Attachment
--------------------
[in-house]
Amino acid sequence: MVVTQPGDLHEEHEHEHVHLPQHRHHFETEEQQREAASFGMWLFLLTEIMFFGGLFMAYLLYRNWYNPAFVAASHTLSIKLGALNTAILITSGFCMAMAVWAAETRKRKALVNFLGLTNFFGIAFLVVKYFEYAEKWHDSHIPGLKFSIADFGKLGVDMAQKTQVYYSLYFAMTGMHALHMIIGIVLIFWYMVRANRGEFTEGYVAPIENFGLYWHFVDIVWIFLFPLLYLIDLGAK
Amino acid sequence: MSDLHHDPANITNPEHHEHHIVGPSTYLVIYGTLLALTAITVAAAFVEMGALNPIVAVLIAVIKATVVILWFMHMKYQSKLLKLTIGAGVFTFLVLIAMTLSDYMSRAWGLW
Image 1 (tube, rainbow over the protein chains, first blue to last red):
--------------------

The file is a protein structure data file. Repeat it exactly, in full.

[in-house]
Amino acid sequence: MVVTQPGDLHEEHEHEHVHLPQHRHHFETEEQQREAASFGMWLFLLTEIMFFGGLFMAYLLYRNWYNPAFVAASHTLSIKLGALNTAILITSGFCMAMAVWAAETRKRKALVNFLGLTNFFGIAFLVVKYFEYAEKWHDSHIPGLKFSIADFGKLGVDMAQKTQVYYSLYFAMTGMHALHMIIGIVLIFWYMVRANRGEFTEGYVAPIENFGLYWHFVDIVWIFLFPLLYLIDLGAK
Amino acid sequence: MSDLHHDPANITNPEHHEHHIVGPSTYLVIYGTLLALTAITVAAAFVEMGALNPIVAVLIAVIKATVVILWFMHMKYQSKLLKLTIGAGVFTFLVLIAMTLSDYMSRAWGLW
Image 1 (tube, rainbow over the protein chains, first blue to last red):